High Fructose Corn Syrup - Friend or Foe?

High-fructose corn syrup - you’re probably heard people talk about how bad it is for you, and you’ve probably seen products that advertise “no high-fructose corn syrup!” on their labels. You may have also see articles from the “nutritional authorities” that it’s NOT bad for you, but has been over-hyped.

So...who should you believe? Is high fructose corn syrup going to kill you? Or is that all a media scare?

Well, obviously, I think you should believe me. Keep reading.

The Short Answer: It’s not really much worse than table sugar. However, you should absolutely try to avoid products that contain it because, yes, it will kill you (well, make you sick).

What it is: High fructose corn syrup was first introduced in the 1970s as an alternative to sugar (sucrose). The food industry loved this, because corn was everywhere in the United States, making HFCS easy and cheap to get. Plus, it was a syrup instead of a granular substance so it didn’t need to be dissolved in water before use the way that normal sugar did. It also was more stable than regular sugar, and could be used in acidic beverages and foods where regular sugar failed.

How Does It Compare to Other Sweeteners?: According to the corn industry (see infographic below), who makes it, there are two types of HFCS - one with a composition of 55% fructose and 45% glucose, and one with a composition of 42% fructose and 58% glucose. Normal sugar and honey are both 50/50 fructose/glucose.

Interestingly, the 55/45 HFCS would be slightly worse for you than regular sugar, and would be slightly sweeter tasting. The 42/58 HFCS would be slightly better for you. This is because studies show that fructose is sweeter and causes more metabolic issues than glucose (see the sources below). However, there is no way to know which type of HFCS you are eating, because nutrition labels don’t differentiate between the types. This seems stupid to me, but I don’t make the rules.

Doubts Begin: In 2004, a study was published that pointed out a correlation between the use of HFCS in food and obesity in the US. The author noted that more research needed to be done to see if this might be the case, and the media went nuts. What the media didn’t mention was that the author of the article was focusing specifically on the quantity of HFCS being consumed, especially in sugar drinks such as soda.

Hint: Soda makes you fat and sick. You should probably stop drinking it, immediately. Like, go home and dump your pop cans down the toilet, right now. Maybe I’ll write about that sometime.

The biggest takeaway from this study, and the oodles of studies that followed showing that over-consumption of HFCS causes lots of problems, is that people on an American Diet eat way too much sugar. Because HFCS is so cheap and easy to manufacture, it’s in basically everything, and people eat it all the time, resulting in lots of issues like obesity, diabetes, cardiovascular issues, and more. Like any sugar, it also has addictive properties, so it makes sense than food manufacturers would want to add it to their foods - it keeps consumers eating and buying the products.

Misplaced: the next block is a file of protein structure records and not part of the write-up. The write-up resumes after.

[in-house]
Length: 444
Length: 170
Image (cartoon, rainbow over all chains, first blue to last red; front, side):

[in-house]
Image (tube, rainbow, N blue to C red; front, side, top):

Evidence Surfaces: Science - rightfully! - decided to investigate HFCS as a possible cause of obesity after the correlation between HFCS and obesity was recognized. A few studies showed that HFCS was a little worse than normal sucrose, but most showed no difference between the two. I personally hypothesize that this may be related to the two types of HFCS that aren’t differentiated by labeling.

The evidence makes it exceptionally clear that HFCS is not significantly worse than table sugar, but that it is really bad for you, especially if you over-consume it.

Why You Should Avoid HFCS Anyway:
1) You probably eat way too much sugar as it is. Avoiding it is good. And avoiding the processed foods where it tends to hide in large quantities is good for a lot of reasons.
2) HFCS is added sugar - seriously, why do food companies sweeten everything? By avoiding it, you are cutting out a lot of the processed foods with added sugar. Just don’t replace it with processed foods that have different sugars.
3) HFCS has no nutritional benefits. Neither does table sugar, but you know what does have benefits, like vitamins and stuff? Honey and real maple syrup - eat those instead if you can.

HOWEVER - watch your labels. Personally, if I’m comparing two loaves of bread and one has HFCS but a sugar content of 1g per slice, and another loaf has real sugar but a sugar content of 3g per slice...I’m buying the bread with less sugar overall.

***NOTE: The less-sugar philosophy does not apply to artificial sweeteners, like saccharine and aspartame. Artificial sweeteners are on the short list of items that should never be ingested. More later***

Detailed pro-HFCS article that is well-sourced: http://ajcn.nutrition.org/content/88/6/1716S.full#ref-10

Increase in fructose consumption, links to disease: http://www.health.harvard.edu/blog/is-fructose-bad-for-you-201104262425

Some studies examining effects of HFCS, standard table sugar, fructose, and glucose. There are ton more available with a quick search on Google Scholar.
https://academic.oup.com/jcem/article/96/10/E1596/2834769/Consumption-of-Fructose-and-High-Fructose-Corn (with this study keep in mind that table sugar is half glucose and half fructose)

Picture of No HFCS Label: http://naturalsociety.com/high-fructose-corn-syrup-reduces-lifespan-harms-reproduction/ HFCS Death-Spoon Picture: http://www.greatlakesprovings.com/high-fructose-corn-syrup.html

Conclusions: HFCS is super bad for you. But so is table sugar. And higher fructose HFCS is marginally worse for you than table sugar, but you should probably just focus on not eating added sugar.


Popular posts from this blog

Why I Stopped Using Vegetable Oil - The Science

You Should Buy Pastured Eggs - the Science

Recipe - Italian Dressing w/ Olive Oil